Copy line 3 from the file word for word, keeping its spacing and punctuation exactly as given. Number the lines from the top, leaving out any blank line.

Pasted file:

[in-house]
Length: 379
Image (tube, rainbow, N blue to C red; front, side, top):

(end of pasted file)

Image (tube, rainbow, N blue to C red; front, side, top):